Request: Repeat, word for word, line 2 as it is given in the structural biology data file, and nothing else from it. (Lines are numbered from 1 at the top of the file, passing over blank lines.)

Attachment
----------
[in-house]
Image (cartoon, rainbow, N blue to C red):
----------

Image (cartoon, rainbow, N blue to C red):